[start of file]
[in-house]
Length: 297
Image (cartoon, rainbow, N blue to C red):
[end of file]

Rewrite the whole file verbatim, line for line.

[in-house]
Length: 297
Image (cartoon, rainbow, N blue to C red):